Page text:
A group of New York City business owners say the city's Board of Health didn't have the authority to approve a ban of super-sized sugary drinks, and filed a lawsuit Friday to stop the ban.
The American Beverage Association and several other business and trade associations say the health board overstepped its power, and only has the authority to enforce policy, not enact it.
The lawsuit also says the new regulation is "arbitrary and capricious," and hurts thousands of small businesses. It also claims the new rule is full of irrational loopholes and exclusions.
The ban outlaws drinks larger than 16 ounces at restaurants and food carts, or any other establishment getting letter grades for food service. It doesn't apply to grocery stores, though. The ban won't go into effect until March.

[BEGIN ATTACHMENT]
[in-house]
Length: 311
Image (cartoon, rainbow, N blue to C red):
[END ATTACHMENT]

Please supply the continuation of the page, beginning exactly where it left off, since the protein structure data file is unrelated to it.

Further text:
There are several prominent businesses opposing the ban. Critics such as McDonald's and Coco-Cola call the ban "misguided" and "arbitrary," but Mayor Michael Bloomberg endorsed it as a health and fiscal initiative, so he'd rather not see people sucking on huge cups of soda, either.
The mayor pointed overweight people cost the city an estimated $4 billion a year for medical care. And one out of every eight New Yorkers are diabetic, a disease liked to obesity.
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